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DHCP Server Management and Monitoring

Objective:

Manage DHCP.

  • Manage DHCP databases.

We have spent some time now examining the installation and configuration of the Windows Server 2003 DHCP service. The final piece of the DHCP puzzle is managing and monitoring the server after it is installed and configured. The Windows Server 2003 DHCP server bundles enhanced monitoring and statistical reporting for precisely that purpose.

The DHCP console has several features that can be accessed by selecting the server and clicking the Action menu or by right-clicking the server. We examine these management and monitoring features in more detail in the following sections.

Examining the DHCP Server Statistics

The Display Statistics command opens the Server Statistics window, which is shown in Figure 2.34.

Figure 2.34

Figure 2.34 The Server Statistics window quickly displays pertinent DHCP statistics.

The Server Statistics window displays the following statistics:

  • Start Time—The date and time the service was started.
  • Up Time—The total uptime for the DHCP service. If you restart the service, this number resets to zero, even if the DHCP server has not been restarted.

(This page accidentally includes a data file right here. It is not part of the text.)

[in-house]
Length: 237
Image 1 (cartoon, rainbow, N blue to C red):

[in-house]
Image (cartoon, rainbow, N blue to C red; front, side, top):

• Discovers—The number of DHCPDISCOVER packets the server has received.
  • Offers—The number of DHCPOFFER packets the server has sent.
  • Requests—The number of DHCPREQUEST packets the server has received.
  • Acks—The number of DHCPACK packets the server has sent.
  • Nacks—The number of DHCPNACK packets the server has sent.
  • Declines—The number of DHCPDECLINE packets the server has received.
  • Releases—The number of DHCPRELEASE messages the server has received.
  • Total Scopes—The total number of scopes that are active on the server.
  • Total Addresses—The total number of addresses available. This number includes the number of addresses for all the active scopes on the server.
  • In Use—The number of addresses presently leased to DHCP client computers.
  • Available—The number of addresses available for lease for the total address pool.

DHCP Server Backup and Restore

As mentioned earlier in this chapter, DHCP server backup and restore is one of the new features found in the DHCP service in Windows Server 2003. Two types of backups from the DHCP console are supported: